“Especially with the method of using an electric kiln, even if you have put a lot of thought into the work, once it is in the furnace, you can’t touch it. I think I got hooked on that process. Also, the idea of ‘melting’ is important, and there are few materials that transform as easily as glass does in response to gravity. So up until a certain time in my student days, the idea that I could ‘control’ heat and gravity was a big part of my consciousness — what to mix and the proportions, how to make the mold, and how the heat is transmitted in the kiln. I wanted to control it, but at the same time I wanted a material that I wouldn’t know how it might end up. As I continued to experiment, I couldn’t work out which way I wanted to go, so for a while I ended up unable to make anything,” she explained with a laugh.

“Now it feels more like, well, I do what I want to do, so the glass can do it wants. The process of ‘creating’ involves many factors besides one’s own will, such as the materials and the environment. In this way, as you touch the glass, you also change yourself — after going through that process, your original intentions and concepts become a thing of the past.”

The art school where Imoto spent a long time as a student and later as an assistant had a large number of female students, with 60% to 70% being female at the time. At the university in Akita Prefecture where she worked as an assistant, the ratio of female students enrolled in the glass course was as high as 80% to 90%.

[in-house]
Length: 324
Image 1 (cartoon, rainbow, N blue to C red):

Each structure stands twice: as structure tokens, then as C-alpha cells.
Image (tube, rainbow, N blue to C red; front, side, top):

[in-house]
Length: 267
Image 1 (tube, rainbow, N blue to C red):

“On the other hand, all of the teachers were male,” she said. “I think that might be the case because the people who hire the teachers are also men, but it is clear that there is an imbalance. I think we need to create an environment where women who want to work as artists can feel at ease.”

In 2022, she left the university to focus on her own practice. At first glance, her current situation, in which she can devote herself entirely to her work without having to worry about procuring materials, seems ideal, but she is starting to worry that there may be a mental toll to creating in solitude day after day. That’s why she says she is thinking about relocating her studio. In Okayama, where she spent her student days, she would have a few friends with whom to share the important things. It will be interesting to see how this change — from isolated concentration to a small community — might affect her work.

One of Imoto’s new series of works. Cracks and variations in thickness are achieved by adjusting the amount of powdered glass packed into the molds.

Powdered glass is packed against a plaster mold.


Imoto was born in Hyogo Prefecture. In 2011, she earned an arts Ph.D. from Kurashiki University of Science and the Arts. In 2023, she was a finalist in the Loewe Foundation Craft Prize 2023. Also in 2023, she held solo exhibitions in Shanghai and Sapporo, and participated in the group exhibition “Capturing the Light” in Tokyo.



そんなガラスという素材に、新たな質感、形状を与えた作品により、「LOEWE FOUNDATION Craft Prize 2023」のファイナリストに選出されたのが、井本真紀だ。表面のざらつきさえ感じる質感状など、「ガラス」のステレオタイプから逸脱した表現のユニークさが、国内外のコレクター、アートファンの注目を集めた。